The Dimensions of Justice, an article found in What’s Right and Wrong in Business by R. Gomez, is a detailed discussion on the three types of justice (called dimensions by the article title) that are found in all business environments. In the article, Gomez compares and contrasts the three, giving examples of each to prove his claims. Using this article, through the relationships that are made by Gomez, and using the examples that he makes, it is possible to discern and to draw a parallel between his account of what justice is, and that of Aristotle’s, using his discussions, given in his texts in Book V, of Nicomachean Ethics. To do this, we will first look at justice as accounted by Aristotle, and then define justice in accordance with Gomez, and finally we will compare and contrast these two articles to learn the true meanings of justice and, ultimately, discover if Gomez’s arguments are grounded in Aristotle’s ethical background pertaining to this topic, and see if any significant differences arise in their explanations.
Aristotle introduces the idea of justice by expressing that we must focus on three questions. He says “the questions we must examine about justice and injustice are these: what sorts of actions are they concerned with? What sort of mean is justice? What are the extremes between which justice is intermediate?” These appear to be the most important questions posed by Aristotle in light of this topic. But first, it is important to define justice according to Aristotle. He tries to first define justice as a state where we act justly and perform just actions, and wish what is just. Therefore injustice is a state where we act unjustly and perform unjust actions, and with what is to be an injustice. But these definitions, although they appear simple enough, do not fully describe what justice is, according to Aristotle, so we need to dig further.
Aristotle argues that when we are talking about states of things, and what is defined in that state, there is a state opposite to this. For example, if I say that I am in a state of happiness, then I am feeling joy within myself. Since the state of happiness has a contrary state, unhappiness, then I would be feeling sad within myself. This rule also applies to justice. Using the definition above, we say that justice implies just actions. So, using this idea of opposites, injustice implies unjust actions. It is important to make this inference early on, to better understand the relation of the two states which are inherently different ideas.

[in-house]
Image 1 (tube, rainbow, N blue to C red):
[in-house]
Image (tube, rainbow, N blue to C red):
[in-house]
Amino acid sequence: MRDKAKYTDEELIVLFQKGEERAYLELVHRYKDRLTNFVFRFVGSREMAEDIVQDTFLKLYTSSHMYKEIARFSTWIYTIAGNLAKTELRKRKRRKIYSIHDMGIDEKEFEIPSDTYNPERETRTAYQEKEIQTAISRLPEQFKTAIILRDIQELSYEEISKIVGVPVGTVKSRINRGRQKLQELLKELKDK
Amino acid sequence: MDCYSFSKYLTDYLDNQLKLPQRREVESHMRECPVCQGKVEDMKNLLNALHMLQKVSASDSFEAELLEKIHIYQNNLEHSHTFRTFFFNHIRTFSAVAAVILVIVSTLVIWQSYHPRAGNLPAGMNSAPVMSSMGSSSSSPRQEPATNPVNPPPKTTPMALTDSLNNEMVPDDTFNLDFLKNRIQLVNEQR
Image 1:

What kinds of actions does a just person perform to show the reason that he is in a state of justice? The just person will follow the laws of his own place in which he resides, including that of the city, state, and even country, given that those laws are considered just in and of themselves. What I mean by this is that laws are made and are focused on two main principles, according to Aristotle. The first of these is that they are created with the purpose of the benefit for all persons in society. The other possibility is that laws are made for the benefit of the lawgivers and those who are affiliated in the law being created. The first possibility is true in goodness, as justice is served in the design of the law being given, to benefit all people, and thus the just person will follow it, to give that law justice. However, if the just person notices rather keenly that the law that is being given is unjust, in that it benefits only the lawgivers instead of the population in general, then this law is most likely unjust, and the just person will probably not follow it. However, if it is noticed by the just person that the lawgivers have put forth the law in order to benefit the population as a whole, even though the people do not notice this benefit, the just person will follow the law. For example, a law might be passed that says that if the lawgivers’ country is being attacked on its homeland by an opposing country, then a draft will be issued, requiring all men of age eighteen to twenty-one go into the military and bear arms and fight for the country, then this law is just, as it is for the good of all, including the lawgivers, even if the people do not believe that war is appropriate, or do not think that such young men should fight untrained in a war. As this law is attempting to preserve the country and those who live in it, it is a just law, and the just person will obey it. So it is clear what a just person would do in these situations. A just person is a lawful person. But what would an unjust person do? It is appropriate to say that, using the idea of opposites as stated earlier, an unjust person is an unlawful person, and would not follow the law, even if it is a just one. An unjust person would probably think of how the law could benefit him, rather than the population that surrounds him, which includes him and that person would be unjust in either following the law only with the intent to gain benefit from it by individuality, or even not follow the law at all. A just person would follow the just law, not seeking personal benefit, but that for all.